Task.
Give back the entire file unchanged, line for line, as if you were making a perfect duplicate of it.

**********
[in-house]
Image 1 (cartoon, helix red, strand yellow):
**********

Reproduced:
[in-house]
Image 1 (cartoon, helix red, strand yellow):